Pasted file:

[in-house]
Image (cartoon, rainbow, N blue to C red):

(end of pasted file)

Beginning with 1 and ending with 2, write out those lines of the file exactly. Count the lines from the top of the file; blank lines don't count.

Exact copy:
[in-house]
Image (cartoon, rainbow, N blue to C red):